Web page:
Gary M. Almeter grew up on a small dairy farm in Western New York, about 300 child-sized steps from his Grandpa’s house, where ice cream - usually Maple Walnut or Butter Pecan - was always available. He is now an attorney whose short stories, essays and humor pieces have appeared in McSweeney’s Internet Tendency, 1966, Splitsider, Verdad, and Writer’s Bone. In addition to winning his 8th grade spelling bee, he has been awarded numerous awards for his non-fiction, including the Maryland Writers Association’s Best Essay award in 2015. Gary has a B.A. in English from Le Moyne College; an M.Ed. in Secondary Education from Boston College; and a J.D. from the University of Maryland. He currently lives in Baltimore, MD, about 300 adult-sized steps from the best ice cream shop in Baltimore, with his wife, three children, beagle and numerous deferred domestic projects.
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Growing up on a small dairy farm in upstate New York, Gary lived a few hundred steps from his paternal grandparents. His grandfather (hereafter “Grandpa”) was a perpetually happy man and Gary wondered, in light of the nature of farm work, in light of some of the hardships Grandpa endured, in light of the pace of the town, in light of the way he was chronically frugal, how this could be so. After college, Gary moved to the city and reveled in the cadence and sophistication of the city. And began to see how places came to shape the people who lived in those places. How the way we defy and indulge in a place; how the way we yearn for the notion of somewhere else; how the cadence and influence of a place affects a person.
In The Emperor of Ice-Cream, Gary recounts all the little moments - moments he never thought could or would be important - he had with Grandpa to try to understand who Grandpa was. He - with an astonishing blend of his signature humor and a reverence that only comes from a boy who loves his grandfather - then examines how his understanding of those moments has evolved after moving to the big cities for which he had always yearned. Does changing from denim overalls to a Brooks Brothers suit change a person? Should it? Is cow piss really that different from the piss with which the sidewalks of New York City are often soaked?
Not surprisingly, Gary discovers that where we are and where we are from has a big effect on who we are. But often not for the reasons we expect. The Emperor of Ice-Cream is an incredible and artfully told story of what we do to find happiness, what memorial means, what it means to be family, and what we do to be authentic in places where authenticity can be a challenge. It’s about the complexities of triumphantly leaving home and then spending decades befuddled by a perpetual and indomitable force luring you back.
There is a sad irony about grandparents. When you get to be at the age you want to know about the real people they were, you’re also likely near the age when your grandparents are no longer there. And you are also at the age when you are wondering who you are too. It takes a while – a couple decades really - to realize that your grandparents are people too. When you take your thumbnail, and scratch a little beneath the surface – beneath the myth that surrounds a child’s understanding of his or her grandparents and takes hold of a family – you see that grandparents are people: complex, mercurial, whimsical, authentic people. And that you likely have some of that whimsy and complexity in you.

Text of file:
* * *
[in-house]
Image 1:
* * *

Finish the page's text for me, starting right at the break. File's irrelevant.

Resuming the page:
In this moving, sophisticated, and often humorous novel, Gary M. Almeter artfully crafts a group portrait of several families using the finest of details in seemingly mundane encounters and everyday events.
It’s 1982 and Gloria Winegar, a Brown University librarian, discovers that there aren’t many drawbacks to having an affair with JFK, Jr., a Brown senior. When she learns she’s pregnant with his baby, she tells no one but her best friend who shepherds through childbirth. They leave the baby, a son, on the steps of a convent. The novel chronicles the next few decades of both Gloria and her son, who gets adopted by the most normal family in Massachusetts. How he learns who he is; how he discovers his mother; and what they each should or must do with their new knowledge is masterfully and beautifully written in a story that is a little bit espionage novel; a little bit bildungsroman; and a little bit historical fiction; all culminating in a beautiful literary sketch of a family. The book imagines the pre-public life of JFK Jr. and examines how much we know about him, and people in general, is illusory.
It is the story of identity, pedigree, blue collar versus Ivy League sensibilities, celebrity, authenticity, family, and self-care. It’s about how small things evolve into big things. It is a novel about nature versus nurture. It is a modern telling story of Arthurian legend and the mythic doomed (and triumphant) heroes who populate our world.